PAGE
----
A report about the inadequacy of security features for the Election Commission’s website has prompted a cybersecurity expert to exhort Putrajaya to ensure that citizens’ personal data on government websites are better protected.

The government must invest resources to at least make it difficult for hackers to infiltrate such sites, said SL Rajesh, who heads the computer forensics department of the International Association for Counterterrorism and Security Professionals Centre for Security Studies.

Tech blogger Keith Rozario recently reported that the EC’s website had been marked as insecure by Google Chrome because it didn’t have transport layer security (TLS), which means that data gets transferred across the internet for anyone to see whenever a person searches for his voting information.

“If you’re logged onto the EC website from a kopitiam WiFi, I can see the data you’re sending and receiving just by logging onto the same WiFi,” said Rozario, who created the sayakenahack.com website for people to check if they are among the 46 million whose data were leaked in 2014.

Rajesh told FMT he believed the government should introduce at least minimum cybersecurity standards. For example, he said, it could deter hackers by requiring the installation of CCTVs at places providing WiFi.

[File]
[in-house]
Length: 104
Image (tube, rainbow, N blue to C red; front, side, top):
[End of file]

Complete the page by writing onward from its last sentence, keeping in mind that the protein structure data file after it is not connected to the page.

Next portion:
“A hacker may then think twice before trying to hack another person’s device through a public network because he is being watched and can be identified.”

He also suggested that the government take steps to increase public awareness of cybersecurity to counter those who teach hacking techniques through online articles and videos.

“It’s important that people realise how vulnerable they are on public WiFi networks,” he said. “Anyone on the same public WiFi network can easily see what you’re doing by just installing free software tools available online.”

Rajesh said the most secure way for anyone to browse on a public network would be to use a virtual private network (VPN).

“A VPN routes your traffic through a secure network even on public Wi-Fi,” he said. “In fact, if I needed to sum up WiFi security in one sentence, it is ‘use a VPN.’”

He also advised internet users to turn on their firewalls, use up-to-date anti-virus software, avoid automatically connecting to WiFi hotspots, turn off the “sharing” feature on their devices and regularly update their browsers and device systems.

Earlier this month, it was reported that data from over 46 million mobile phone numbers from Malaysia had been leaked online.

The data, from Malaysian telcos and mobile virtual network operators, included postpaid and prepaid numbers, customer details, addresses as well as SIM card information.-FMT


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